KENDALLVILLE — Focus and attention to detail.
These are the core values of the Impact Institute’s cosmetology program.
Eastside senior Lena Helbert, a second-year student, is all business as she talks while simultaneously snipping away at a classmate’s hair.
Her cosmetology licensure has been earned by a small number of other students.
“I was always interested in nails and hair,”Helbert talked about the differences between cuts. “I came to get that learning experience and that license into the field.
“It’s cool to see people’s reactions if you did something nice and they like it,”She spoke.
“Currently, I’m applying at different salons because I’m trying to be a nail technician,”Helbert stated. “I like the art in it. I’m more of an artist, so I like being able to draw things on people’s nails.”
Learn how to style and cut your hair correctly, and also keep your workplace safe and clean.
Jay Michael was one instructor who said the program had been a huge success. “strictly”All state boards guidelines must be followed
“We try to instill that in every student,”He explained. “We could be passing off diseases in the salon. If we don’t properly clean our combs for one person and somebody has a skin infection, we could pass that to other people. We want to stop that from happening.
“We definitely instill in their heads the importance of proper cleaning and disinfecting our salon area.”
Michael and Wendi, who are also instructors at the salon, can be reached morning and evening. They can be found in Kendallville’s Fairview Center plaza.
There are students coming from many Northeast Indiana high schools. In his first year of the program, Sell worked with 35 students. Michael had 25 students his second year.
Sell is a former hairdresser and teacher before joining Impact Institute.
“I’m not a sitter,”You can sell it. “I’d rather go, go, go. It’s something new every day.”
Sell is currently in her thirteenth year as Impact instructor. Michael was one of her cosmetology graduates between 2010 and 2012.
“We work well together,”She stated.
After his graduation, Michael worked in a Great Clips salon and at his mother’s salon for many years.
He served as an assistant to Impact from 2011 until 2017, when he was promoted to full-time instructor.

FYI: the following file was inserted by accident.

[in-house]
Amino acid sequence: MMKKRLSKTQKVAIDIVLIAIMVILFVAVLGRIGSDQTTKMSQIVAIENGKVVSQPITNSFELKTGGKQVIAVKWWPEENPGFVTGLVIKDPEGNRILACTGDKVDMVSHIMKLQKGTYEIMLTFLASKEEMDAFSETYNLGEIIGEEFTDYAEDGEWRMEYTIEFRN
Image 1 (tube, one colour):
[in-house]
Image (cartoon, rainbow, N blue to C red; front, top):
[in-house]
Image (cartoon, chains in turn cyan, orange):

“It gives you an opening eye,”Miller talked about the experience of being a student and then an instructor. “You can remember what it was like to be a student and you can apply that to your teaching strategies.
“You’ve been there; you’ve been in their shoes, so you can know how they react to certain things.”
“He was ornery,”Sell shared her memories of her ex-student, now a coworker, and Michael got a giggle.
“They get a career they can work and earn money right out of high school,”He stated. “If students were wanting to do a cosmetology program outside of high school, it’s like $20,000 for students to go to school.
“(Here), they really only have to pay for their kit so it gives them a jump-start at life,” Michael explained. “Maybe if they’re going to college, they can do hair on the side.”
“We have a lot of kids who do that,”Please notify me.
Two students are in their second year and three of them have received state licensure. Another student is still accumulating hours.
In their first year, students begin in “ground zero,”Sell. “We’re parting off mannequins. We’re just learning roller sets.”
The students will be able to learn about the structure of hair and how chemical treatments can affect it.
“They learn all different things such as hair cutting, hair styling, chemistry texturizing services, chemical hair relaxing,”Michael said.
“They learn techniques such as different ways to highlight the hair, doing foils, foliage, color melts. We do a lot of different coloring,” He continued. The students will be taught about eyebrow and mustache waxing, manicures, and pedicures.
A progressbook with 400 haircuts, 250 styles, 100 perms, 15 manicures, 75 color, and 30 removal options will be required by students.
The state boards will require them to complete 1 500 hours of training.
The salon is open Monday night to accommodate appointments. Students practice with mannequins and one another while the students are at work.
Each Friday, students from cosmetology can offer style advice and haircuts to Impact program students.
Vincennes University can offer dual credit to students who are enrolled in cosmetology courses. These credits are available to students who have had at least 2 years of instruction.
Students must successfully pass the college readiness test during their first year to be considered. For first-year students, 14 credits can be earned in cosmetology II/III if they earn a C or higher. Second-year students can also earn 14 credits in cosmetology IV and II.
The state mandates that training follows a certain curriculum. For students to take the course, they will have to pay $445 for a kit of cosmetology. The uniforms will be paid for by the students.
“This is a field where you can either watch other people pass you up or you can be a go-getter,”You can sell it. “It’s all in how much you want to make.”
“You can make as much money as you want to work,”Michael said. “You can earn quite a bit of money depending on what your work ethic is like and how hungry you are.”
It is a pleasure for instructors to watch students learn and grow.
“Just watching the students comprehend what you are instructing them to do and seeing them grow from when they don’t know what they’re doing to where they know exactly what they’re doing,”Michael was quoted.
“I just enjoy interacting and having relationships with the students,”You can sell it. “I get invited to weddings. Just seeing them grow and have kids, I’ve seen them grow up.
That’s fun for me to see them doing well and succeed.”